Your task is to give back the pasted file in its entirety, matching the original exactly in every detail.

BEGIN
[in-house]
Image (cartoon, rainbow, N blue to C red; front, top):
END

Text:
[in-house]
Image (cartoon, rainbow, N blue to C red; front, top):